The Environmental Audit Committee (EAC) has called upon fast fashion giants ASOS, Boohoo, PrettyLittleThing and Misguided to release information regarding their corporate social responsibility policies.

MPs are demanding retailers finally come clean about the detrimental environmental impact of fast fashion.

Retailers should form coalitions to tackle sustainability challenges, developing standards and practices for designing apparel that can be easily reused or recycled.

Investing in developing new, and less environmentally damaging, fibres is necessary. Leading players should take the initiative to steer consumers to make better choices when it comes to apparel care so that their clothing can last longer.

Fast fashion isn’t slowing down

Consumer love for fast fashion is proving harmful to the environment in a number of ways and is only escalating alongside the rising consumption of apparel.

The popularity of fast fashion amongst UK consumers is best illustrated by the strong performance of leading brands such as Inditex (owner of Zara), H&M and Primark, which have seen revenues rise significantly in recent years.

In the UK the trend is particularly strong. According to MarketLine, the online retail market grew by 8.2% in 2017 to reach a value of $59.3bn, of which the apparel retail segment accounted for 25.8%.

Growth will create a pressing need for change from leading retailers, especially given rising consciousness from consumers.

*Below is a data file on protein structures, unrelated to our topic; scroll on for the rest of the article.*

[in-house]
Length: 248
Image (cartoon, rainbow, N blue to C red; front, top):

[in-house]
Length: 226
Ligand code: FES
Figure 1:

The trend is having a detrimental impact on the environment

One of the main environmental impacts of fast fashion is the quantity of carbon gas emitted. According to the Enviro Audit Committee, the 1.2 billion tonnes of carbon emissions are produced by the global fashion industry, more than some airlines.

This is due to the high volume of items being produced to meet consumer demand as opposed to the old model of long-lasting garments and seasonal ranges.

Multiple retailers have followed the trend of selling dresses for just £5, aimed at the millennial consumer, exacerbating the problem and highlighting the need for reform.

235 million items of clothing were sent to landfill in the UK during 2017. Fast fashion has led to a ‘wear once’ culture amongst consumers, due to the extremely low price of garments.

Now MPs are seeking action on what is a growing environmental problem, leading retailers will likely come under increasing pressure to reverse retail trends.